Are Daddy Long Legs Poisonous

Daddy Long Legs are an extremely common household pest, and I’ve often heard that these insects can be poisonous but wasn’t sure if this was true or not, the more I saw them around the house, so I did some research on daddy long legs, and this is what I found.

Are daddy long legs poisonous? Daddy long legs are not poisonous to humans or animals. Although cellar spiders, which are sometimes referred to as daddy long legs have venom glands and fangs, these are too small to harm humans or animals. They have a jaw which is are fused together, which doesn’t allow their fangs enough space to bite through human or animal skin ineffective.

Even though daddy long legs are not poisonous to humans, many people wonder if daddy long legs are even spiders, dangerous to other animals around the house or even how to get rid of them. Well, when I was researching if daddy long legs are poisonous, I found the answers to many of these questions.

What are Daddy Long legs?

There is more than one answer to this question as there are different references to what a daddy long legs are and the answer ultimately depends on what country you live in.

In America, the term “daddy long legs” is used to describe two types of species of arachnids. One of them is an actual spider, while the other isn’t.

One of these pests is the long-legged Harvestman or harvesters. They are actually Opiliones, which are an order of arachnids species and not spiders despite what people may think.

Harvestmen are arachnids and not spiders as they have one body section (spiders have two body sections), two eyes (spiders have eight eyes), a segmented abdomen (spiders have an unsegmented abdomen), they don’t spin webs (spiders spin webs), and many other differences. If you want to learn more, check out our other post on are daddy long legs are spiders.

The other type of insect in America that is reffered to as a “daddy long legs” is is a cellar spider.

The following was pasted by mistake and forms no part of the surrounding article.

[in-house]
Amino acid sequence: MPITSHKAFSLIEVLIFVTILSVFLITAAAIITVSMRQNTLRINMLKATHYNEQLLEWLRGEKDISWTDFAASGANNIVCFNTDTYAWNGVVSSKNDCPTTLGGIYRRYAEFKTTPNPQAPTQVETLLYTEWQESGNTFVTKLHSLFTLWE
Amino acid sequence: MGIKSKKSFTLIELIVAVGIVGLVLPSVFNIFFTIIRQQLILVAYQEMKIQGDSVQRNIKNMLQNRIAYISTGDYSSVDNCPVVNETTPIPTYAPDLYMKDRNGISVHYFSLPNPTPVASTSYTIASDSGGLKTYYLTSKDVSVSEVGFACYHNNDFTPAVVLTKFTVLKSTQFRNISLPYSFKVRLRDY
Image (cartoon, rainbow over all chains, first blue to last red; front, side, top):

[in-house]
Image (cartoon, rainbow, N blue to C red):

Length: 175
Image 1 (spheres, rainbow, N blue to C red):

Cellar spiders are also arachnids and are noticeably yellow to light brown and have long thin legs with a small body. Their extremely long legs make these spiders appear much larger.

They build loose, irregular, tangled webs in corners, unlike the harvestman, and can be found hanging upside down on the underside of there webs. Their webs look visably messy as they produce extensive webbing rather than clean their webs like most household spiders.

In Britain and Ireland, the term “daddy long legs” is used to describe the long-legged Crane fly, which is actually a fly and not a spider.

An adult crane fly is about an inch-long gangly-legged insect that generally resembles an oversized mosquito, with a slender body and long stilt-like legs that easily detach from the body.

A noticeable trait of crane flies are that while being nocturnal insects they are attracted to light and can often be seen flying and moving towards lamps and light bulbs. You won’t see harvestmen or cellar spiders doing this.

Below we have outlined some key differences for you to check what type of daddy long legs you may have in your house.

Harvestman

  • Are arachnids but not a spider
  • Harmless to humans and large animals
  • No segmented body looks like a ball with legs
  • Legs are noticeably longer than the body
  • No fangs and no venom glands
  • Eyesight is bad and relies on the front legs to feel objects.
  • Does not build webs

Cellar Spiders

  • Legs are up to 6 times longer than the body.
  • Harmless to humans and large animals
  • Spins webs and prefers not to attack when threatened, instead visibly vibrates to deter predators.
  • Feeds on woodlice, mosquitoes, spiders and other smaller insects.

Crane Flies

  • Are black, red, or yellow in color, depending on species
  • Often mistaken as mosquitoes, but are significantly larger with extremely long legs and have elongated heads.
  • Does not have a mouth
  • Distinctively veined wing
  • About 1-1 ½ inches long.
  • Nocturnal and attracted to light
  • legs are only weakly attached to their bodies and often break off

Are Daddy Long legs Dangerous?

You’ve probably heard of the myth that daddy longlegs are the most poisonous insects in the world. Luckily, there is no scientific evidence that confirms this being true as well as that there is no evidence that the venom of either the cellar spider or harvestman is poisonous to humans.

So, Are daddy long legs dangerous? No, these insects are not dangerous to humans. They are only dangerous to other insects that they prey on. So if you see a Cellar spider or harvestman, don’t worry as these insects feed only on smaller insects. If you’re concerned about the danger of crane flies, don’t worry, as they only feed at there larvae stage on roots and crops. Adult crane flies hardly eat.

More importantly, Craneflies, Cellar Spiders and Harvestman are not poisonous and don’t pose any threat to humans.

You may be concerned when you see harvestmen as they can get very large, but the fact is that they do not have fangs like a regular spider. They also have no venom glands, so there is no need to worry about them being dangerous.
Cellar spiders, on the other hand, do have small fangs and venom glands. Fortunately, their fangs are too small to bite humans. Their venom is very weak, and is not dangerous to humans, only to other insects.